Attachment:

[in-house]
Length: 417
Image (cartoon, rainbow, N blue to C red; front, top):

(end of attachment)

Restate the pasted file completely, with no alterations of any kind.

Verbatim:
[in-house]
Length: 417
Image (cartoon, rainbow, N blue to C red; front, top):